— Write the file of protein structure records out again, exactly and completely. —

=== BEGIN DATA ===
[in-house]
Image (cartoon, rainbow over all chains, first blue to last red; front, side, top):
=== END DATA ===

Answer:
[in-house]
Image (cartoon, rainbow over all chains, first blue to last red; front, side, top):